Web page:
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Me Me Me

Editor's Note: We're excited to introduce Franklin Habit's monthly column for our Weekly Stitch Newsletter as a regular feature here on the Lion Brand Notebook. Stay tuned for stories, insights, and laughs.

My grandmother, a mostly sensible woman who nonetheless cultivated a small garden of superstitions, taught me early that to begin a new year with messy closets is to invite three hundred and sixty-five days of calamity. So last week, while 2012 was running out the clock, I was hastily performing the annual ritual of Keep-or-Keep-Not.

An essential part of the ritual is contemplating my meager pile of sweaters and wondering why there aren’t more of them. And why most came from a factory. And why most don’t fit. And why most of them are, to be blunt, tragically ugly. Keep? Hah. Burn.

I am a prolific knitter. I knit ceaselessly. But I almost never knit for myself. So I have to buy sweaters which never fit properly and I look terrible nine months of the year. This needs to stop.

A few of my friends are formally dedicating the coming year to knitting primarily for themselves. There’s a popular term for this­–Selfish Knitting. It’s a term I don’t like.

The same grandmother who taught me that a messy closest causes earthquakes taught me not to be selfish. Selfishness is deliberately withholding love, help, or cookies when somebody else might need them. Selfishness hurts people. Selfishness is bad.

Is knitting for yourself bad? If you are a hobbyist knitter, and your hand-made socks end up on your own feet and not your husband’s, are you being selfish? If your hobby is selfish because the direct benefit of it is yours alone, why don’t we hear about Selfish Golf?

I don’t believe in Selfish Knitting. Knitting for yourself isn’t selfish, it’s sensible.

If you knit (or crochet, or weave, or sew) for yourself:

You know that the end product of your work will be wanted. Even your dog isn’t necessarily going to appreciate every sweater you make for him, though he may be too polite to say so.

You won’t fulfill a request for a blue, cabled hat by making a blue, cabled hat; only to be told, “I didn’t mean that shade of blue.”

And should you decide not to wear or use whatever it is you made for yourself, you will not thereafter look at yourself with a smoldering resentment that finally flares up one morning and causes you to fling the butter dish at your head.

My first new project for 2013 (kindly look away from the pile of works-in-progress littering my worktable) is going to be a sweater for me. I intend it to replace the nasty, clammy moss-colored abomination manufactured by a Big Label that thinks a small man is two feet larger around than I am. All I can say for it is that it looked decent enough at 75% off after Christmas 2010.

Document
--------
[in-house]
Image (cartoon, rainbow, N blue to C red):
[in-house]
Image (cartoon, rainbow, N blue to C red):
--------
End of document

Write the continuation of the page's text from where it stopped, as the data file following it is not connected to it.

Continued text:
The pattern I have in mind is the Man’s Rough Neck Sweater from the 1916 Lion Manual of Worsted Work, obligingly republished in facsimile by the smart cookies at Lion Brand Yarn. I love the collar and I’m curious about the construction of the pockets and hem. As it happens, Lion Brand makes a perfect modern substitute for the original yarn–LB Collection Organic Wool.

Of course, as is my custom I intend to make some changes. The only question is how many…Pattern Alternations by Degrees of Intensity: a guide by Franklin Habit for Lion Brand Yarns

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Writer, illustrator, and photographer Franklin Habit is the author of It Itches: A Stash of Knitting Cartoons (Interweave Press, 2008–now in its third printing) and proprietor of The Panopticon (the-panopticon.blogspot.com), one of the most popular knitting blogs on Internet. On an average day, upwards of 2,500 readers worldwide drop in for a mix of essays, cartoons, and the continuing adventures of Dolores the Sheep.

Franklin’s other publishing experience in the fiber world includes contributions to Vogue Knitting, Yarn Market News, Interweave Knits, Interweave Crochet, PieceWork, Cast On: A Podcast for Knitters, Twist Collective, and a regular column on historic knitting patterns for Knitty.com.

These days, Franklin knits and spins in Chicago, Illinois, sharing a small city apartment with an Ashford spinning wheel and colony of sock yarn that multiplies alarmingly whenever his back is turned.

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